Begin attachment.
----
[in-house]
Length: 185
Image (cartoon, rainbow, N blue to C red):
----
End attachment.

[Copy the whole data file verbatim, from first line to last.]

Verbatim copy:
[in-house]
Length: 185
Image (cartoon, rainbow, N blue to C red):